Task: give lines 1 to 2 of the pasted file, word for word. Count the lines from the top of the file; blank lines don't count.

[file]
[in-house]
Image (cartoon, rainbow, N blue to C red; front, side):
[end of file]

[in-house]
Image (cartoon, rainbow, N blue to C red; front, side):